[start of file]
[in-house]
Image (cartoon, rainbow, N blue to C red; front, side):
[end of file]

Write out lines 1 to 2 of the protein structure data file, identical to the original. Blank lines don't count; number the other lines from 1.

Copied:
[in-house]
Image (cartoon, rainbow, N blue to C red; front, side):